Enhancing the requirement for English testing to level B2 is a valid means of checking the quality of candidates but not necessarily the best or only measure of determining fitness for a course. For many courses, especially more vocationally oriented study, the possession of other specialist skills is more important, and many institutions are able to support candidates to increase their level of skill in English through pre-course classes and support. Many candidates come into the UK with a standard of English below level B2 and still go on to achieve well.

There is an issue with the parity of approved English tests whatever level is determined as the entry requirement. On this issue, we refer officials to the evidence submitted by our English testing business, Pearson Test of English, which queries the current levelling of approved tests. This needs to be further explored and tightened in the context of this Review if new rules are to be effective.


There should be some flexibility on the principle that student should be required to show progression when requesting additional leave to remain is sound, as some students may wish to study for a course in a new sector to enable a career change or to pursue a new interest.

We do not believe that students wishing to study at a higher level should be required to return home, provided that the sponsor can vouch for the increase in level, since there is a natural cap on the number of times that a student can do this.

To prevent abuse, students wishing to study for a new course at the same level could however be required to return home to seek a new visa, replicating the proposed arrangements for transitioning to a working visa after study.

As mentioned above, we recommend that the criteria for Highly Trusted Status in the private college sector include specific evaluation of a college's tracking of student whereabouts.


Of critical importance here is the level playing field: qualifications of the same level and type must be subject to the same restrictions. The current rules, which give favourable conditions to the SQA Higher National (which can be studied across the UK, not just in Scotland) and foundation degrees over the Edexcel Higher National, create an anti-competitive market distortion and does not offer the best service or choice to students.

We call for the Edexcel Higher National to be recognised on the same terms as the SQA Higher National and the Foundation Degree.

In particular:

  • We welcome the flexibility around weekend and vacation work—this will help students to support themselves without distracting from their course.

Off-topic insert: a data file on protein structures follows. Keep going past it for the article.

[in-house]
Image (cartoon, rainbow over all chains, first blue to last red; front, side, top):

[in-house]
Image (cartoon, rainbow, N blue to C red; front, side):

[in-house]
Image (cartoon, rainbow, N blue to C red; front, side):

• The "on-campus" work rule is however focused on a view of study in a traditional university environment, which does not apply to many students studying at a college and so may disadvantage this group of learners. For this reason, we propose that institutions with Highly Trusted Status should have the option to make links to local employers who may employ students for a limited number of hours during the week.
  • Changes to the ratio of work placement to study would risk damaging the value of certain vocationally focused qualifications for employers. For example, the Higher National Diploma is valued for the hands on experience it gives in often highly specialised skills. Since any moves in this direction would require revisions to curricula and syllabuses and would likely alter the nature of provision offered to UK as well as to international students, changes should be conducted very cautiously and in consultation with the end-users of qualifications, like employers, on their needs and expectations.
  • Given that many work placements are unpaid, the logic that a work placement element disproportionately attracts economic migrants is unpersuasive, and even more so in the light of planned changes to the Post Work Study Visa.


Legitimate private providers must have access to Highly Trusted Status. It is clear, however, that the reputation of legitimate private sector is undermined by a minority who do not adequately select or track their students.

Awarding bodies have a key role to play in building confidence in private provision at all levels. We want to work with you to develop an established route to HTS for private colleges.

In addition to this, we will enforce greater conditionality on the offer of our qualifications and introduce more inspection. We would establish an Edexcel kite mark to support this, as described above. We would also publish each year a review of the private sector colleges who offer our qualifications each year, including measures of:

  • Date of approval.
  • Number of registrations.
  • Blocks on certification or approval.
  • External verification grades by programme.
  • Conversion rate (as above).

January 2011

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Prepared 25 March 2011